In spite of generating clean energy from sustainable sources, renewables still have to compete against fossil fuels economically. They are competing in a rigged game, though.
Government subsidies to fossil fuels reached $523 billion in 2011, up almost 27% from 2010, according to the latest data available from the International Energy Agency (IEA). That figure reaches $620 billion with subsidies for production added in.
Compare that to IEA's estimate of $88 billion in subsidies for renewable energy in 2011. That means policy makers give fossil fuels a 6-fold leg up against the technology that we should in fact be favoring hands down.This “enormous policy misalignment” (in the words of moderator Mark Halle, IISD) rated a plenary at this year's Global Green Growth Forum (3 GF) going on now in Copenhagen.
Hurting the poor?Subsidy protectionists rally to the claim that the poorest populations will suffer if fuels subsidies are lifted; governments fear even to the point that revolution could ensue. Developing countries offer around $500 billion in subsidies according to Simon Upton, of the OECD, while $55-90 billion support consumers of fossil fuels in developed nations. Each of these subsidies represents a unique "political economy context" -- balancing social welfare against economic and environmental policy. The differences make a single formula for the reform of fossil fuel subsidies elusive.
But there are better political instruments to help the poor during the energy transition, the panelists note. Ultimately, renewables benefit social equality more than fossil fuels, which funnel the subsidies ultimately into the hands of the wealthier segments of society.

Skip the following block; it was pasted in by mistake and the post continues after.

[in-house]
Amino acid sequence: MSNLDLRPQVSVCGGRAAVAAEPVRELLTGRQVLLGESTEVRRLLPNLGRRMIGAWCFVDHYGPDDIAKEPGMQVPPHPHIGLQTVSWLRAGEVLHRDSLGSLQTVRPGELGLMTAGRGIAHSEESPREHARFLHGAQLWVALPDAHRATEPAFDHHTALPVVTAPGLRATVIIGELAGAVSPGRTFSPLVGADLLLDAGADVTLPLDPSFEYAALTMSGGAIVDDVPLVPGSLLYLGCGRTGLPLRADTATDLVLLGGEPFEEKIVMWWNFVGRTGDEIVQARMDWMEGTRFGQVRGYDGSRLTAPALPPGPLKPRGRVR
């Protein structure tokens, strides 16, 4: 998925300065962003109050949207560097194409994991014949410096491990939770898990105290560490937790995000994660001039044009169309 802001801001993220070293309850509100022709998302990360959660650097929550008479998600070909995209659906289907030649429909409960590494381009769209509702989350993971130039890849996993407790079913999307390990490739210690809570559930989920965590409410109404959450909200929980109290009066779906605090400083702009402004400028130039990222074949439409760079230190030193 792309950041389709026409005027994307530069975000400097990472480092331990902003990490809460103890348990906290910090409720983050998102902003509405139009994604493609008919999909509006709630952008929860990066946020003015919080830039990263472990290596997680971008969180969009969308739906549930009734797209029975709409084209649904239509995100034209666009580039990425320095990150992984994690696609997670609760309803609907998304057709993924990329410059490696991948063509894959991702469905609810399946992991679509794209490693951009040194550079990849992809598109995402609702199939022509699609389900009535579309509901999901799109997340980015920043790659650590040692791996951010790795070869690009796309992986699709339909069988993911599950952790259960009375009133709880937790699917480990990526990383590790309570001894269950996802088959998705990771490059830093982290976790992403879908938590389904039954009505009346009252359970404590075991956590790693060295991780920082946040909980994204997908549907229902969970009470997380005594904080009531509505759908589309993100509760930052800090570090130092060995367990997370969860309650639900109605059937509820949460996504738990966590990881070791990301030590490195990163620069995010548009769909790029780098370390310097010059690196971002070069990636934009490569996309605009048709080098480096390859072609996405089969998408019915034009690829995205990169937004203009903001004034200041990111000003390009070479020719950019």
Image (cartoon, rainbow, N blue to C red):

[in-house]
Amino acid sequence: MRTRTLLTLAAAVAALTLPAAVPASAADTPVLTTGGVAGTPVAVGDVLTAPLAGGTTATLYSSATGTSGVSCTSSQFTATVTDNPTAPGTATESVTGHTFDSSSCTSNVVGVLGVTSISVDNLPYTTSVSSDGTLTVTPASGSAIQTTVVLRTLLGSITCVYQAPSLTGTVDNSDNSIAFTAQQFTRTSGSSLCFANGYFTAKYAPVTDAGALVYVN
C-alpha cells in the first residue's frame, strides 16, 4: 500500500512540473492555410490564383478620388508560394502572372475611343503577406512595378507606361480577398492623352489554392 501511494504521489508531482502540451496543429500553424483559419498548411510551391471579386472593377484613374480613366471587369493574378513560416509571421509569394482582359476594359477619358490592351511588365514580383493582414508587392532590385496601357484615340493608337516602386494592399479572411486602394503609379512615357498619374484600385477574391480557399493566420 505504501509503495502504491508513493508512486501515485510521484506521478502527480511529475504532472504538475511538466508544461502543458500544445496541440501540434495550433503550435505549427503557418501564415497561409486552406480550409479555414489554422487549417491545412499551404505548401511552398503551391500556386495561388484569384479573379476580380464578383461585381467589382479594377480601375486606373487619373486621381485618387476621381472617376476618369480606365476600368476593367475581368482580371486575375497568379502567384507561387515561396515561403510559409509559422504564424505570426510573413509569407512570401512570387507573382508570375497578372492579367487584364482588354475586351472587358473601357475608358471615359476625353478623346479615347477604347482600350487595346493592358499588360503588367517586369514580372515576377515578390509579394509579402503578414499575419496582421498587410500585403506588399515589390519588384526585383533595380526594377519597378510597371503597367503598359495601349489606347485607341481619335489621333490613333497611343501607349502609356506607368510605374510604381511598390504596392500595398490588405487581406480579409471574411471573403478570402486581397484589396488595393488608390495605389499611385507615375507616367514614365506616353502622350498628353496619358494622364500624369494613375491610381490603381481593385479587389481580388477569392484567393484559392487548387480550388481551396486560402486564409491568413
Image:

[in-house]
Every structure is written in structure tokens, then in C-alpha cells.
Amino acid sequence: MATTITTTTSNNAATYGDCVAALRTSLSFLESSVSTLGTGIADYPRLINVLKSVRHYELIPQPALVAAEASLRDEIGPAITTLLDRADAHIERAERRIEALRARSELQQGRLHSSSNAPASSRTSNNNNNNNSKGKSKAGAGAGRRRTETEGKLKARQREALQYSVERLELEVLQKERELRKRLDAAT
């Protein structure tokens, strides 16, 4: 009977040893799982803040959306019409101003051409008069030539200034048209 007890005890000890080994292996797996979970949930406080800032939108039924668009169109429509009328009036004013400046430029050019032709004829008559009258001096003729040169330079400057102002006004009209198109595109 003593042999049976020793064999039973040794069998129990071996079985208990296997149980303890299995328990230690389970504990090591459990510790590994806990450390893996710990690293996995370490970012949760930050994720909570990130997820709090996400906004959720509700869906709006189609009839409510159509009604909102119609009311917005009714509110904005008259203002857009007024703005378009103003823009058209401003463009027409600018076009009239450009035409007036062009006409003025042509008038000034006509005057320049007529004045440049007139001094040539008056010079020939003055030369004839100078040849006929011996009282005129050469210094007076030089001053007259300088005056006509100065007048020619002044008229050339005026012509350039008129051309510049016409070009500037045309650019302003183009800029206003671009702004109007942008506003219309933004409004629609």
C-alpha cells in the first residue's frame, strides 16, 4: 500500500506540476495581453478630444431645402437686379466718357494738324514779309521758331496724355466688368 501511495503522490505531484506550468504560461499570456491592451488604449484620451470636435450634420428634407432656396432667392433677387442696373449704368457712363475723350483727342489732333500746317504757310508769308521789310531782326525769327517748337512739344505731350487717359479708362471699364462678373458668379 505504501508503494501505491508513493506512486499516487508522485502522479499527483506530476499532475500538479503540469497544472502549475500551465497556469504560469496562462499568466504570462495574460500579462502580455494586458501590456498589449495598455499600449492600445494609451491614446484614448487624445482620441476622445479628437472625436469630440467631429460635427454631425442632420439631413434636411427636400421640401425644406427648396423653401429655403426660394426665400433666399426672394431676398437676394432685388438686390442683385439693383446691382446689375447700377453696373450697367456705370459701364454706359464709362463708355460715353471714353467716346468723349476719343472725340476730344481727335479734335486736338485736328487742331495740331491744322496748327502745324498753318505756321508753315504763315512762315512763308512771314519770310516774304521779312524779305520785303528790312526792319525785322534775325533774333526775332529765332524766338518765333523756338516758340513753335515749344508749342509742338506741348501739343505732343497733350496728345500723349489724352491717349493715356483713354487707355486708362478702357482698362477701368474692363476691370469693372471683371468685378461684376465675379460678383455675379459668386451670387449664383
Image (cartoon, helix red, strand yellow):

Rachel Kyte, Vice President at the World Bank, asks how do you educate people who believe they are benefiting from subsidies over the voice of the lobbyists to convince them they are not benefiting? She discusses World Bank strategy: tools have been developed to step in and help when a government asks for help, to take advantage while the window of opportunity opens. So far, 15 countries have participated. The next steps: identifying the countries where the impacts can be biggest and encouraging them to come forward to learn about reform.
View from the governmentsRobert Ichord, Deputy Assistant Secretary, Department of State, US was invited to the plenary to reflect fossil fuel subsidy reform plans in the USA, which include a proposal to congress calling for the phasing out of fossil fuel subsidies in the US. Ichord summed up progress:
“We face a difficult situation in Congress, as you all witnessed."
Dr. Andin Hadiyanto, Advisor to the Minister of Finance in Indonesia reflected an even more complex situation in his country, receiving kudos from other participants for making headway against difficult political currents.
What does the oil company say?Helle Kristoffersen, Senior Vice President with the petrochemical giant Total represented industry at this plenary. Perhaps she surprised attendees with her words:
"Reform is a plus."
Kristoffersen explained that her company supports free markets, and does not believe in subsidies. She notes that TOTAL believes in the quality of their products, but that higher quality products (cleaner burning, etc.) are "not rewarded in a subsidy environment."
So fossil fuel reform seems to be a case of simple political will: government can use other forms of subsidy to ensure social cohesion, companies want a free market, and politicians -- certainly the ones with loud voices in the USA -- want government out of the subsidy business. What are we waiting for?
This article is part of a series on how public private partnerships featured at the Global Green Growth Forum (3 GF) lead us toward real and tangible solutions to sustainability problems the world faces.
3GF proceedings were cartooned by: